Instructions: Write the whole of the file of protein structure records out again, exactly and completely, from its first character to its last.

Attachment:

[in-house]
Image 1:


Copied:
[in-house]
Image 1: